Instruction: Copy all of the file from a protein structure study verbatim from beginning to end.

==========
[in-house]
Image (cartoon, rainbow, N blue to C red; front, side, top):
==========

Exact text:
[in-house]
Image (cartoon, rainbow, N blue to C red; front, side, top):